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    1. Ever since the Supreme Court decided that corporations are "people" as it relates to political contributions, things have become markedly worse. Dark money puts our political system on sale.

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  11. I want to encourage those who are interested in the larger issues here to read Fiona Hill's memoir, There Is Nothing for You Here; it is by far the best analysis I have seen of the root causes of the international rise of authoritarianism and threats to democracy. Hill links these trends to growing inequality and the rage felt by those who are left behind by economic change. If she is right, we cannot save our democracy without also dealing with our growing wealth and income chasm. I have been fantasizing about a corporate income tax that would be on a sliding scale with the tax rate determined by the ratio of top exec compensation to average worker compensation, with higher tax rates tied to greater inequality. Small Mom and Pop businesses, where the owners typically work alongside the workers and don't take salaries that are in a different universe than the pay of the workers would get the lowest corporate tax rate, while billionaire owners and corporate execs who shamelessly exploit their workers would pay the highest tax rate.

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    1. I second your recommendation. In addition to a fascinating life story, Fiona offers compelling insight into the sources of our troubles. This is a must read.

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  12. Bob, the US has never been a Democracy. In a democracy your vote and mine would have the same weight as Joe Biden and Nancy Pelosi. The US was setup as a Constitutional Republic with a weak federal government on purpose. What we have evolved into is an Oligarchy where the money of the ultra rich controls our lives. Gates, Soros, Buffett and other wealthy aristocrats on both sides of the political aisle control our lives. Republican and Democratic Politicians are all enamored by the ultra-rich and desire to be rich themselves. The current time is much less turbulent than the 1960's we did not call occupied government buildings' insurrections then but sit-ins. My ancestor was an insurrectionist he took his assault rifle from his farm in Wilmington Mass to Lexington, Concord and Bunker Hill in opposition to the elected government of his time.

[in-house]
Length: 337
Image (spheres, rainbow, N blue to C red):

Why does everyone hang on that failed decision by the Supreme Court to cobble together a right to abortion that did not exist. The U.S. is in the same boat as China and North Korea with no law on the books legalizing abortion. Even Catholic Ireland could legislate and pass a law legalizing abortion. Roe vs. Wade was CYA for politicians who did not want to take a stand on legalizing abortion. Democrats controlled the House from 1954 to 1994. Which included unified government under Carter & Clinton and again a unified government under Obama.